No other image epitomises the horror of Britain's gin consumption in the 18th century more than Hogarth's Gin Lane. The print, issued in 1751 by English artist William Hogarth, shows a drunken woman lying on some stairs with lacerated legs, taking snuff as her baby falls into the gin-vault below. It is in stark contrast with the image of gin today – as a quintessentially middle-class British tipple.
Ahead of the Gin Festival London, a weekend's celebration of the hugely popular spirit, IBT explores Britain's complicated history with gin and its association with social decay, crime and even death.
Gin had its origins abroad. In the early 17th century Holland, gin – genever – was being produced as a medicine and sold in chemists to treat stomach ailments, gallstones and gout – but to make it more palatable, the Dutch started to flavour it with juniper. When Dutch William of Orange arrived to rule Britain in 1688, he relaxed laws on spirit-making. Anyone could distil by simply posting a notice in public and waiting 10 days.
While the rich imported their alcohol, the poor improvised with imitation "gin" on the back streets – using turpentine and sulphuric acid to replicate the sensation of drinking gin. Distilling gin was inexpensive because of the low corn prices, so much so that by 1750 nearly half of all British wheat harvests went straight into gin production. The end product was cheap, strong and popular among the poor as a quick release from the misery of everyday life, at a time when poverty and disease were rife.
Despite the introduction of legislation in 1729 to tackle the problem, it only impacted the sales and production of good gin – and did nothing to curb the consumption of bad spirits. Stories of robbery and murder began to circulate, including the case of William Burroughs, who was charged with assault and robbery in 1731. "He drove hackney coaches, and by that means fell into that dreadful society of gin-drinkers, whores, thieves. house-breakers, street-robbers, pick-pockets, and the whole train of the most notable black guards in and about London."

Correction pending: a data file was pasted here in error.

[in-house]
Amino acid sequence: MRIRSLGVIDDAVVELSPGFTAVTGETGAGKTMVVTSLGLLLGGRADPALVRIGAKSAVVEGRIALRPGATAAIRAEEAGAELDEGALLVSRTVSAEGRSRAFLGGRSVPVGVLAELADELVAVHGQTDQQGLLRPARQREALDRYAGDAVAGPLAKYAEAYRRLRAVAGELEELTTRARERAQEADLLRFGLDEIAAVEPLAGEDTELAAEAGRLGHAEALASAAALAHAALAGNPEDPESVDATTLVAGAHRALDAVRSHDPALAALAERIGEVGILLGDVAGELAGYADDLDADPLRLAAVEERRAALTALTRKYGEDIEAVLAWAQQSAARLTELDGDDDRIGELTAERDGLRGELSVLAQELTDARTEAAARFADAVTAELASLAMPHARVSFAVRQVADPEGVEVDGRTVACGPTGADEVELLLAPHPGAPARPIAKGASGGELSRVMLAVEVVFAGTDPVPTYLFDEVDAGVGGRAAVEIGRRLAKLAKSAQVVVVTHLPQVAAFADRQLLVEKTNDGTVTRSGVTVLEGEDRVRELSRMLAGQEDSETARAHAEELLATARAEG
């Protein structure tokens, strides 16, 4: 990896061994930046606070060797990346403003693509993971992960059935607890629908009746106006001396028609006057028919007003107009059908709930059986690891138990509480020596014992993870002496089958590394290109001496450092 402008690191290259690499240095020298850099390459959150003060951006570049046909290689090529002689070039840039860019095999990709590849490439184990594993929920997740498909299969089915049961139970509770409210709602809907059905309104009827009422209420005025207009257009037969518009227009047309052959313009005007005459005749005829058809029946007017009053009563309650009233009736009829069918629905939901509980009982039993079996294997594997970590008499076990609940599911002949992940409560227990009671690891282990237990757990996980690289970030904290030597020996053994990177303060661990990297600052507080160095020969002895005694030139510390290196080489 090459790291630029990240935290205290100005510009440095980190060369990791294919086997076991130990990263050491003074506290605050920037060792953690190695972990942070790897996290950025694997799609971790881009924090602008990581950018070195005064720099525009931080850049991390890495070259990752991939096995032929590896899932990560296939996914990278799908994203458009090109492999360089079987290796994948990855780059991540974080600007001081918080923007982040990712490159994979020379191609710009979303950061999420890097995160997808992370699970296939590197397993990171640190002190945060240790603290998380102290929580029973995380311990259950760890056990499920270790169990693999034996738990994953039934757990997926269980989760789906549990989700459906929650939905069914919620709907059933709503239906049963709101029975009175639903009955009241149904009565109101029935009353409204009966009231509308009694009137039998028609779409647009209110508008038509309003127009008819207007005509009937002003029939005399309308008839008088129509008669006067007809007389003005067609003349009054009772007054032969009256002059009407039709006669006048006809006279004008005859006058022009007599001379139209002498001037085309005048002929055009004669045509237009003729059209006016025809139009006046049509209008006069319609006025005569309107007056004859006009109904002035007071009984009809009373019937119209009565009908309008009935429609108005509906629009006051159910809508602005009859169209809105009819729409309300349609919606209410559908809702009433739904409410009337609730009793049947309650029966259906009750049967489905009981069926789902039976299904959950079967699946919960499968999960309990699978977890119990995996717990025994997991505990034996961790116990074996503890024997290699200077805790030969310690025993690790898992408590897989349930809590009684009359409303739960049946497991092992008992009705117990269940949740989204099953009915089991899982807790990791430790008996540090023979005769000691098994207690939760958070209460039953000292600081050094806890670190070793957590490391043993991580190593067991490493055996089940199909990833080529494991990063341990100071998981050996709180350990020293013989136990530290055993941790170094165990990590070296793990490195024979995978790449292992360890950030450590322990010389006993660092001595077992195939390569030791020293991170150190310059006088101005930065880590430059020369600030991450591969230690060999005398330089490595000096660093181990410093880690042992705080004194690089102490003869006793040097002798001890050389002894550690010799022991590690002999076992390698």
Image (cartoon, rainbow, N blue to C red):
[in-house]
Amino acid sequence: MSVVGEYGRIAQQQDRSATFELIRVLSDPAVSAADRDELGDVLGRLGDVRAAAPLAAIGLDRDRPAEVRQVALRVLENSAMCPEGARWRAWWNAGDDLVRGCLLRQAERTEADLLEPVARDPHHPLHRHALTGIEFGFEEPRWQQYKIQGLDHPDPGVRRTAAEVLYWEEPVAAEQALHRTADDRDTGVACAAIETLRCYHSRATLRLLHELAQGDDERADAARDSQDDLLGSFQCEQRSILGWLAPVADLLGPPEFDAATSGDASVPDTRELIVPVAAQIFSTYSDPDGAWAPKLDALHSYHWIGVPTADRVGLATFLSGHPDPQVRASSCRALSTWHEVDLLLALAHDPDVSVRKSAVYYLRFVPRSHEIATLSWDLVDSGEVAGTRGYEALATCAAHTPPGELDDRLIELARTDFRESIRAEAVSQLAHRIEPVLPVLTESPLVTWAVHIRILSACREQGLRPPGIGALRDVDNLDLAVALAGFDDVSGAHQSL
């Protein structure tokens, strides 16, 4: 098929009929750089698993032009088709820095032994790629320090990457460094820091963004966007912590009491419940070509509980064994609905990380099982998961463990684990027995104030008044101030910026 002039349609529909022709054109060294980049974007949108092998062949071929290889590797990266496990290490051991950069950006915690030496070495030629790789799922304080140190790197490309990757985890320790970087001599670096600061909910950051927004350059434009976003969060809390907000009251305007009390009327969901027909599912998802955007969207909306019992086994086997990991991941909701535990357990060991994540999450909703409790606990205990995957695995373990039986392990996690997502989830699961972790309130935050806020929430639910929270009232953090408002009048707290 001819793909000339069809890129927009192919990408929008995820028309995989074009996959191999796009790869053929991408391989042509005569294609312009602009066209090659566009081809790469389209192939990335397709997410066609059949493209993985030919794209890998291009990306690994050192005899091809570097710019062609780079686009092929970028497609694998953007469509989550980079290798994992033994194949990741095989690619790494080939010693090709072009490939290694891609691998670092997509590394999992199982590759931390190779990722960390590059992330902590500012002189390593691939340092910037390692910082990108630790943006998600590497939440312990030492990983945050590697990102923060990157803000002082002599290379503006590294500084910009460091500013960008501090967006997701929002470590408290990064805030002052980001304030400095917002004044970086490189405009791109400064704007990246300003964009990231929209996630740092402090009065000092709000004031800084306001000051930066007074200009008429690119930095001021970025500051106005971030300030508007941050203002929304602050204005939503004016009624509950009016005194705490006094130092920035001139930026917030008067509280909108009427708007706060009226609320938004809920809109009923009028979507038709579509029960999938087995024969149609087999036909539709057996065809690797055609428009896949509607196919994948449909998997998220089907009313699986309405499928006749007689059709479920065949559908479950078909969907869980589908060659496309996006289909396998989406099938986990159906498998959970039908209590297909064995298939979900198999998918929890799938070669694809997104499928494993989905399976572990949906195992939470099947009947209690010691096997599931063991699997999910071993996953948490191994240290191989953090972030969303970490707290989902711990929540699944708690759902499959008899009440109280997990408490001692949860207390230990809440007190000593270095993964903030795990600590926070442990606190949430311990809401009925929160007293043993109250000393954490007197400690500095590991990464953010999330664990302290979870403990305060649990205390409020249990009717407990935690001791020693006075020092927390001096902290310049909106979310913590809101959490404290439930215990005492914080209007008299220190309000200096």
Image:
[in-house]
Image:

Perhaps one of the most shocking cases was that of Judith Defour, who was convicted in 1734 of removing her daughter from the workhouse and strangling her in order to sell her clothes for gin money. Defour, who confessed to the heinous crime, was eventually hanged.
Gin was particularly popular with women. Ale houses were dominated by men, but women drank, sold and produced the spirit – hence Hogarth's image of the drunk woman lying on the stairs on Gin Lane, set in the London slum of St Giles. The drink that had gained the nickname "ladies delight" turned into "mother's ruin" and gained associations with backstreet abortions and abandoned children. Gin, the new opium, was threatening to rip apart the social fabric of Britain. It gained a reputation of excess, vice and misery.
Once again, legislators unsuccessfully tried to tackle the problem by introducing The Gin Act in September 1736. It made gin prohibitively expensive to the lower classes, both by raising the tax on gin itself and making licensing fee prohibitively expensive. The act was opposed by Sir Robert Walpole and Dr Samuel Johnson, who – rightly – believed the law would lead to rioting. Protests broke out as predicted, and the law was mostly ignored.
Six years after the Gin Act was instigated, only two distillers took out licences – but gin production doubled. Trade of the drink was driven underground, and loopholes were exploited to avoid the taxed – including selling gin under pseudonyms such as bob, cuckold's delight and Parliament gin. One estimate suggests England was drinking 10 litres of gin per person per year in 1743.
The Gin Act was repealed in 1742 and replaced with a new policy, bringing in reasonably high prices, excise duties and licenced retailers under the supervision of magistrates. Unlike the previous acts, the changes led to respectable firms distilling and selling gin – founding the gin we drink today.